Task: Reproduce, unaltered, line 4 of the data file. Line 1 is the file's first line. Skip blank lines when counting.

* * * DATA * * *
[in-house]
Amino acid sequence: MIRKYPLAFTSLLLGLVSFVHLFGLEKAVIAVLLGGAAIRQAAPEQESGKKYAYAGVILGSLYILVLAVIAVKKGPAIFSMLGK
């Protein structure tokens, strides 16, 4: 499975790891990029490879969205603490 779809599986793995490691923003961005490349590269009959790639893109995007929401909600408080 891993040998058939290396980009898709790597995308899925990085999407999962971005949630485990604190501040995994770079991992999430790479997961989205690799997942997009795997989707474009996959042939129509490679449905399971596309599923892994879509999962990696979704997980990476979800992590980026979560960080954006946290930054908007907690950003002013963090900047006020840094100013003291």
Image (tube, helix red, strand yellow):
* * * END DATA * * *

Image (tube, helix red, strand yellow):